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Building Your Credit: Myths and Reality

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When the COVID-19 pandemic struck last year, people were overwhelmed by the logistics of sudden and rapid stay-at-home orders. Between school closings, supply shortages and new ways of working, there was little time for anything else. As many have adjusted their spending habits, they’ve also taken the time to think more critically about their finances – and some of the government-mandated credit grants have made credit monitoring a particularly good idea.

A new NerdWallet survey conducted online by The Harris Poll in September asked more than 2,000 Americans how they had handled their credit scores during the pandemic, starting in March 2020.

Respondents were also asked to identify common misconceptions about credit scores. The results reveal that there is a lot of misinformation out there about credit, but it is possible to break through the fog and build your score. The first step is to break the myths.

Myth: Checking your credit score will hurt him

Although the survey shows that nearly 2 in 5 Americans (39%) think checking their own credit score can lower it, it doesn’t.

The confusion could arise from the two types of credit checks, called inquiries. Your score is not affected when you check it yourself or when a lender checks it to prequalify you for card offers and other marketing purposes. These are called soft inquiries.

The other type, a serious investigation, happens when a lender checks your credit because you have applied for a new line of credit. Serious investigation can lower your score by a few points, but the effect is only temporary.

Regularly checking your own score allows you to track your credit and quickly spot signs of trouble.

Myth: Your credit score is on your credit report

The survey results show that about 8 in 10 Americans mistakenly believe their credit report includes a credit score. They are two different tools, although they are closely related.

Your credit report contains details of your past use of credit and other personal and financial information. Your credit score, on the other hand, is based on the data in your credit report. This score, usually on a scale of 300 to 850, helps potential lenders assess the risk involved in granting credit.

You have access to both of your:

  • Credit Report: You are entitled to one free credit report each week from each of the three major credit bureaus, and using AnnualCreditReport.com is the best way to request them. Reading your credit reports and disputing errors is a good financial habit.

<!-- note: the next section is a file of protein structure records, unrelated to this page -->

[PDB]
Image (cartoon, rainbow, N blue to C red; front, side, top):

• Credit Score: Many personal finance and banking websites offer a free credit score that you can use to track your progress.

Myth: Having a small balance on credit cards helps your score

According to the survey, nearly half of Americans (47%) think having a small credit card balance is better for their credit than paying it off every month. But it all costs you interest. Paying off your balance in full can also help keep your debt from going beyond what you can afford.

If you want to boost your score, try this approach instead: make a few small payments each month or one-time payments with a paycheck or other influx of money. Continually reducing card balances instead of waiting for the monthly bill keeps your credit usage low, which has a big influence on scores.

So what is true about partitions and how do you build them?

A few proven strategies will help you build your credit. Here’s how to focus your actions on the scoring factors that matter most.

Pay on time every time

Paying bills on time is essential for building credit or maintaining strong credit, as payment history is the most important factor in credit scores. In fact, a payment 30 days or more in arrears can cost a good credit score 100 points.

If you’re struggling to manage multiple due dates, try automating your payments – or at least minimum payments – so you don’t miss any.

Using credit lightly

Using up to 30% of your credit limits is another key to building a good credit score, although staying below 10% is ideal. Stay in control of your credit usage by keeping your credit limits in mind when spending. Two strategies that can help you stay below 30% are tracking your spending and setting balance alerts. Asking for a credit limit increase is another option to consider.

Pay off the card balance in full each month

Paying off your credit cards each month saves you interest and can keep you from overspending. If it is difficult to pay off your balance once a month, try making smaller payments several times a month.

Keep your oldest credit accounts open

The longer your credit history, the less risky you seem to potential lenders. Keeping your old credit accounts open is a great way to show that you have a long, established credit history.

If you are new to credit, you can request to be added as an authorized user to someone else’s credit card account. Pick someone who has an established account and an excellent credit rating. This person’s account history and credit limits will be added to your credit reports.

About the Author: Amanda Barroso covers consumer credit and debt at NerdWallet. She previously worked at the Pew Research Center and earned a doctorate from Ohio State University.


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